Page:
CNE required to maintain Memorial Hospital building as part of closure plan

THE RHODE ISLAND Fire Safety Code Board of Appeal and Review will require Care New England to maintain its Memorial Hospital site as part of the hospital’s closure plan. /COURTESY CARE NEW ENGLAND.
THE R.I. FIRE SAFETY Code Board of Appeal and Review will require Care New England to maintain its Memorial Hospital site as part of the hospital’s closure plan. /COURTESY CARE NEW ENGLAND.

PROVIDENCE — Care New England’s plan to board up the former Memorial Hospital with 750 sheets of plywood and shut off power to the building will not be allowed by the R.I. Fire Safety Code Board of Appeal and Review, the City of Pawtucket announced Wednesday.

The board will instead require Care New England to maintain its Memorial Hospital site as part of the hospital’s closure plan.

“I am pleased that we were able to ensure that Care New England did not board up and shut off the heat at Memorial Hospital, which would have not only created an eyesore in one of our great neighborhoods, but made the site a fire hazard and threat to the public. We stopped them in large part due to the hard work of our Public Safety Director, our Fire Department, the Office of the State Fire Marshall, the Governor and the Fire Safety Code Board,” said Pawtucket Mayor Donald R. Grebien in a statement.

Grebien also thanked District 4 Councilman John Barry and the City Council for their help.

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“Care New England is committed to the highest standards of maintenance and safe-keeping for the Memorial Hospital site pending final disposition of the property,” said Jim Beardsworth, a Care New England spokesman Wednesday following the announcement of the closure plan requirements. “We have worked collaboratively with city and state officials for months now, including the fire marshal and others to develop a plan that best meets the needs for the proper upkeep of the site during this period of transition.”

CNE reported in June that it had received an official offer from CharterCARE to acquire the hospital. CharterCARE publicly announced their intent to invest $10 million to restore emergency room services at the former Memorial Hospital of Rhode Island building two months earlier.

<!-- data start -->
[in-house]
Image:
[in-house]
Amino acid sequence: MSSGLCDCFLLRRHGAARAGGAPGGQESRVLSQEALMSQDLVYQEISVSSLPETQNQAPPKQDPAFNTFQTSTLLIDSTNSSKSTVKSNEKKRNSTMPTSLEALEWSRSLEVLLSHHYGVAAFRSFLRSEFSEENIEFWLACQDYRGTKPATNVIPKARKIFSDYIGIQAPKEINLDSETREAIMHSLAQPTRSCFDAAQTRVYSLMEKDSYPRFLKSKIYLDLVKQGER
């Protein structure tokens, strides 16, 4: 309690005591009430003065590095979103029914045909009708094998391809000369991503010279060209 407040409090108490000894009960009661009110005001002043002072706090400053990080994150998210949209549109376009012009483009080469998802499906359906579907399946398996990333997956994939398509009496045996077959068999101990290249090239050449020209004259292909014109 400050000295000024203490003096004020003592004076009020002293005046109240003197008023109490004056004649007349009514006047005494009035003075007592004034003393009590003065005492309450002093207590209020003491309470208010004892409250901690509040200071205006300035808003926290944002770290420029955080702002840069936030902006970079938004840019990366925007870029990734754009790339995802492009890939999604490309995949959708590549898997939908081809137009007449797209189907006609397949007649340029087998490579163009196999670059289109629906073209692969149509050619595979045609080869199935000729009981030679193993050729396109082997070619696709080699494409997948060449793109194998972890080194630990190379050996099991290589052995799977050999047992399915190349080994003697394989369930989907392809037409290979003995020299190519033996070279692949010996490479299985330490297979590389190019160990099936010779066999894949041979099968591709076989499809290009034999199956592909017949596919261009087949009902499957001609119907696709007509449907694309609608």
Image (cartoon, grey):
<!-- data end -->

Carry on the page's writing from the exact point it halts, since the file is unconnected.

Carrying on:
Joseph Wendelken, spokesman for the R.I. Department of Health, said the state has yet to receive the necessary application under the Hospital Conversion act to restore medical services there, from any entity.

“CNE’s original plan to board up the site would have presented numerous issues to the surrounding neighborhood beyond aesthetics. Serious fire hazard concerns loomed over a large campus site left with no fire alarm system or sprinkler system,” Barry said.

“If a fire alarm system is shut down, there is grave concern of a potential fire starting and the department not getting notified in an adequate amount of time before the incident increases in intensity,” said Pawtucket Fire Chief William Sisson.

Other concerns that would have posed risks included no HVAC system, a deteriorating roof, unhealthy air, and a buildup of sewer gases. CNE will also be required to maintain 24-hour security with patrols, cameras and daily walk-throughs of the hospital, according to Grebien’s office.

Beardsworth also noted that, “CNE clearly recognizes the concerns associated with this property and previously recommended many of these steps as part of our ongoing joint planning. We remain supportive of these measures outlined today for the maintenance of the Memorial Hospital site.”

Requirements placed by the R.I. Fire Safety Code Board of Appeal and Review include:

  • The structures on campus, including the main hospital, will not be boarded up with plywood
  • CNE will grant full access to the Fire Department for training and preplanning for firefighting in the event of an emergency
  • The closed Memorial Hospital Campus (main hospital and surrounding buildings) will be entirely heated during the winter season to prevent decay and to maintain operations of the fire suppression and fire alarm systems
  • CNE will maintain 24/7 security with patrols, cameras, and a daily walk through of the hospital
  • CNE will maintain the Fire Alarm System and the Fire Suppression System. Both will be tested quarterly to meet state fire codes
  • CNE will continue maintaining all structures, including building and roof integrity, sewers and drains, inspections for mold, and air quality testing
  • The City Fire Marshal and Building Inspector will have full access to all areas in all structures on campus to conduct inspections upon request and will establish a schedule for periodic inspections with CNE beginning in September 2018
  • CNE will maintain and plow emergency access points and fire lanes during the winter season

Rob Borkowski is a PBN staff writer. Email him at Borkowski@PBN.com.